Published by the Students of Johns Hopkins since 1896
October 5, 2022

Students rally against ICE, private police force

By JAE CHOI | April 25, 2019

COURTESY OF EDA INCEKARA This is the fourth rally held in collaboration with West Wednesdays.

Students, community members and faculty members protested the University’s proposed private police force, its contracts with the U.S. Immigration and Customs Enforcement (ICE) and police brutality in Baltimore in Wyman Park Dell on Wednesday, April 24. Later, protesters marched to Garland Hall.

Students Against Private Police (SAPP) and Hopkins Coalition Against ICE (HCAI) organized their fourth rally alongside organizers of West Wednesdays, a weekly vigil held in honor of Tyrone West.

West died in 2013 while in police custody. Morgan State University police officers were investigated in conjunction with West’s death.  

West’s sister, Tawanda Jones, started the vigils shortly after her brothers’ death and has since held 299 West Wednesdays. 

Jones was the first speaker at the rally. She discussed both the controversy surrounding the University’s proposed police force as well as the broader problem of police brutality and corruption in Baltimore. 

“I always say that this justice system isn’t for us. All we say is, there is no justice. It’s just us trying to hold folks accountable, because to me, justice does not allow unarmed men and women to be murdered, and nobody getting held accountable, especially by people who are supposed to protect us,“ Jones said. 

Jones clarified that she harbors no animosity toward any authorities. 

“I want to be clear that I’m not anti-police. It’s different from being anti-police brutality... If you brutalize anybody, that’s dead wrong. Let’s be clear on that,“ she said. “I don’t hate anyone. This whole thing, for 299 weeks, has been driven by love.”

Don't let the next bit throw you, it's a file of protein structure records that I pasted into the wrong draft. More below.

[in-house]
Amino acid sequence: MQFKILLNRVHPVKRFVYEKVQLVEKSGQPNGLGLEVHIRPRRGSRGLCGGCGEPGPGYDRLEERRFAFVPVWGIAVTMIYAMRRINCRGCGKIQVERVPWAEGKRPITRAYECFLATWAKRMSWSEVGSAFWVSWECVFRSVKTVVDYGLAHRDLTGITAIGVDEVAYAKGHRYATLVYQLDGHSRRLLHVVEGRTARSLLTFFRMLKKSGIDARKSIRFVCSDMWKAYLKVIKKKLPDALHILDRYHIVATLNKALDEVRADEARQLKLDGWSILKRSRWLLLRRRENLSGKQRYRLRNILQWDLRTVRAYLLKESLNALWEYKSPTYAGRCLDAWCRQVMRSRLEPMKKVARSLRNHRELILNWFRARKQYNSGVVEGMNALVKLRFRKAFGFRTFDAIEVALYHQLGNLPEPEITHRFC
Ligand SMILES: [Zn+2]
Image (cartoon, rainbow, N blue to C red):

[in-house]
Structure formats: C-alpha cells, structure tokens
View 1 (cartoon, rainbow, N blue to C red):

Following speeches, the protesters marched up Wyman Park Drive and South Gate, eventually entering Garland Hall. The crowd occupied the first and second floors.

Mariel Mendez, a student at Georgetown University, joined the rally in solidarity with Hopkins students. Mendez was inspired to participate as a result of the social media presence of the sit-in.

“We saw that things were escalating. We saw videos of folks questioning President Daniels on his way home,” Mendez said. “We know that the police in this country specifically serve to terrorize people of color, specifically black people and to protect capital. So we just wanted to be in solidarity with the folks here who have planned this super long sit-in, because we know how antagonistic University administrators are.”

Some protesters also gave speeches at Garland Hall, which centered on protecting minority rights and challenging the University administration. A group of Georgetown University students also attended the rally and spoke at Garland Hall. 

According to Daniel Hellerbach, a community member and school administrator in Baltimore, the presence of a new police force in Baltimore would fail to address the needs of community residents.

“I initially was advocating and fighting against the private police force against Hopkins,” he said. “I saw it just as an extension of what is already an over-policed city, and I know as a community member that more police is not going to make our community safer or stronger.”

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